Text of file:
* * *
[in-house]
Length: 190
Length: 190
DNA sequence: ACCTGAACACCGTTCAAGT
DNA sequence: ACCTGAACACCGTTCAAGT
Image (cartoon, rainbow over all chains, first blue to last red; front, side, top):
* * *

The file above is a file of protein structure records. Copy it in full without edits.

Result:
[in-house]
Length: 190
Length: 190
DNA sequence: ACCTGAACACCGTTCAAGT
DNA sequence: ACCTGAACACCGTTCAAGT
Image (cartoon, rainbow over all chains, first blue to last red; front, side, top):